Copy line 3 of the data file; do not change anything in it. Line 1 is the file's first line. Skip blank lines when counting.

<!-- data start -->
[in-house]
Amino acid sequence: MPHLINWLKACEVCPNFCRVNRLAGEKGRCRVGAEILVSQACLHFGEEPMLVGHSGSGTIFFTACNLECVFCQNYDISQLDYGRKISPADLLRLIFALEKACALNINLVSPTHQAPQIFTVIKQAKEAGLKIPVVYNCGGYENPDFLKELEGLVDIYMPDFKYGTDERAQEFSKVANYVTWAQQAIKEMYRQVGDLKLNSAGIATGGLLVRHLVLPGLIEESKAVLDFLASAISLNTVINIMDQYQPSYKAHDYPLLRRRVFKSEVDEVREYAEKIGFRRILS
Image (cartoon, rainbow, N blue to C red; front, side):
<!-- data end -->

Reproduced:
Image (cartoon, rainbow, N blue to C red; front, side):